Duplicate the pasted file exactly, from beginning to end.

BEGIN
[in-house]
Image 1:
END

[in-house]
Image 1: